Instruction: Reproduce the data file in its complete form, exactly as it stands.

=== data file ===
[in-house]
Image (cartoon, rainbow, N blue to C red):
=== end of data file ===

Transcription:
[in-house]
Image (cartoon, rainbow, N blue to C red):